cases and other cases for quality assurance. Then a yet smaller analyst staff reviewed the cases the technicians could not resolve.


Matching and correct enumeration rates would be biased if there were not a further step of follow-up in the field to check certain types of cases. On the E-sample side, almost all cases that were assigned a nonmatch or unresolved code by the computer and clerical matchers were followed up, as were people at addresses that were added to the MAF subsequent to the housing unit match. The purpose of the person follow-up was to determine if these cases were correct (nonmatching) enumerations or erroneous.

On the P-sample side, about half of the cases that were assigned a nonmatch code and most cases that were assigned an unresolved code were followed up in the field. The purpose was to determine if they were residents on Census Day and if they were a genuine nonmatch. Specifically, P-sample nonmatches were followed up when they occurred in: a partially matched household; a whole household that did not match a census address and the interview was conducted with a proxy respondent; a whole household that matched an address with no census person records and the interview was conducted with a proxy; or a whole household that did not match the people in the E-sample for that household. In addition, P-sample whole household nonmatches were followed up when: an analyst recommended follow-up; when the cluster had a high rate of P-sample person nonmatches (greater than 45 percent); when the original interviewer had changed the address for the household; and when the cluster was not included in the initial housing unit match (e.g., list/enumerate clusters, relisted clusters).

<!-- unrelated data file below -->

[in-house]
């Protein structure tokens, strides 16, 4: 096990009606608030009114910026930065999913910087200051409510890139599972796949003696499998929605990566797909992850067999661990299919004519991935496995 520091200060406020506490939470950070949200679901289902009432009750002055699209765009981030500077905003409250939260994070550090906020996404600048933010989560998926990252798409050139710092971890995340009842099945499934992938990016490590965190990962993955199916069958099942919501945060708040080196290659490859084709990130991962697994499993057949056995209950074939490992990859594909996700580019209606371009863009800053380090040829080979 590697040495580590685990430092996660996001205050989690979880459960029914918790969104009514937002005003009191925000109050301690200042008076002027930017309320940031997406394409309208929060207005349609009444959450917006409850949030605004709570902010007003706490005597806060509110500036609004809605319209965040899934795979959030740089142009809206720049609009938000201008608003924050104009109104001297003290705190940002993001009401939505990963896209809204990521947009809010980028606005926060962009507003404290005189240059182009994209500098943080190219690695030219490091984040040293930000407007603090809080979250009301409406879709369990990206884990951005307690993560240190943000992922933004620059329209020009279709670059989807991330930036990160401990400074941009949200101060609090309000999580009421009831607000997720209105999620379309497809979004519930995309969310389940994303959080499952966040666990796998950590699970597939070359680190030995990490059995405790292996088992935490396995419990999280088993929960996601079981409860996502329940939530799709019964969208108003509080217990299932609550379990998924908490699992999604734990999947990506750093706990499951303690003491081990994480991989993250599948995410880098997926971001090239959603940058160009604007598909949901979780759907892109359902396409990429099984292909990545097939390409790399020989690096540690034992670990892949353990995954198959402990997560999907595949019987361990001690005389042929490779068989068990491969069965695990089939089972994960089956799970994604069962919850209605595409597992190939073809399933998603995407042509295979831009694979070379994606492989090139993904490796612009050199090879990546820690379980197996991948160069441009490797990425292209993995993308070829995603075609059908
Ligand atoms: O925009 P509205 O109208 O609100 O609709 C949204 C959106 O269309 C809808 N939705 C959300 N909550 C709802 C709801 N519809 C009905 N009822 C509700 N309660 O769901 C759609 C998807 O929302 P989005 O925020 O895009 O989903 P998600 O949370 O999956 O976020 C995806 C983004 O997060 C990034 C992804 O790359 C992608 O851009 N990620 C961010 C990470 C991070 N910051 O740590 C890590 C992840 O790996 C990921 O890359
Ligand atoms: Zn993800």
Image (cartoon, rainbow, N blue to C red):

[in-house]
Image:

The field follow-up interviews were conducted with a paper questionnaire, and interviewers were instructed to try even harder than in the original interview to speak with a household member. After field follow-up, each P-sample and E-sample case was assigned a final match and residence status code by clerks and, in some cases, technicians or analysts.

The National Academies of Sciences, Engineering, and Medicine
500 Fifth St. N.W. | Washington, D.C. 20001

Copyright © National Academy of Sciences. All rights reserved.
Terms of Use and Privacy Statement